We record collectors are a compulsive bunch. I talked about some of the not-quite-rational lengths to which we will go in order to acquire vinyl in Issue 137 and Issue 142, and identified some of the characteristic compulsions – er, traits – that distinguish the true record-collecting fanatic. Since identifying a case of gravis recordum publicanus requires specialized training and analysis, I’ve needed three installments (including this one) to outline all the symptoms.
Although nowadays you can stream almost anything you’d like (OK, Howard Menger’s Authentic Music from Another Planet is not on any streaming service I can find) when it comes to your favorite music, you still have to have the albums – even if the streaming version of the album might have otherwise-unavailable outtakes, and sound better than the LP, although this is far from assured. (Thanks to Ray Chelstowski’s article in this issue prompting my memory, I listened to the Cowsills’ 1967 smash “The Rain, the Park and Other Things” on Qobuz, and it sounded shrill. Sure enough, the YouTube cuts sounded warmer, if not as detailed. Not Qobuz’ fault – they use what the record company supplies.)
But one thing is certain – the original – not the reissue – vinyl LP sounds the way the producers, engineers, and record company and maybe even the artist (if they had a say) intended it to sound at the time it was released. It is the original authentic sonic document.
You sometimes buy a cheap used record just for the cover. I did this all the time when I could get records for a quarter or 50 cents at garage sales and thrift shops. And sometimes the music can be really good, or at least…interesting, like the old RCA “Living Stereo” Esquivel albums, which also sound terrific, or anything by Yma Sumac (Amy Camus?), who is said to have had a four-octave vocal range.
You get the Music Direct catalog and are very happy that they are willing to spend the money to issue it in this day and age of expensive printing and mailing costs. I guess the fact that it’s almost irresistible not to buy something from the catalog helps offset the cost. They have records you didn’t know you wanted. Hundreds of them, maybe more than a thousand. Not that you don’t also look at websites like Acoustic Sounds, Tower Records, Turntable Lab, Amazon, Amoeba Music, Vinyl Me Please, Discogs, eBay, Experience Vinyl, Sundazed, countless online retailers, and perhaps the most aptly-named of all: Intervention Records.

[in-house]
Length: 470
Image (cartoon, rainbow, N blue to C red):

Although you buy records constantly, you’ve also sold dozens, maybe hundreds of records, and it doesn’t look like you’ve even made a dent in your collection. Selling, as well as buying records just seems to go with the territory after a while. Part of the collector mentality – move the items you don’t want or don’t have an interest in anymore to free up cash and space to buy new ones, whether LPs, HO cars, guitar effects pedals, or…no wonder my house is running out of room.
You use what I call the “chin” method of putting a plastic sleeve on a record. You’ve bought enough plastic record sleeves – of course you put your records in plastic sleeves! – to have noticed that some of them are a really tight fit, especially for gatefold albums. These sleeves can be hard to put on. Well, here’s a way to get them on easily: get the record a little bit into the sleeve, then place the record under your chin and pull on the sleeve with both hands. See how easily it goes on? Much better than trying to “walk” the record into the sleeve with just your two hands! No one has ever caught me doing this, so I’ve never been ridiculed for it, until maybe now.
You have your “good” and your “utility” turntable. Your good one resides in your main audio system, and your other one (or ones) is used for record-grading and seeing if a used record is good enough for more “serious” evaluation. Maybe, like me, your second turntable is fully automatic, great for lazy listening. My second turntable is an old, circa 1970s or ’80sTechnics SL-D3 that I bought from the original owner for $5 in a garage sale. I installed a new cartridge and the turntable works perfectly.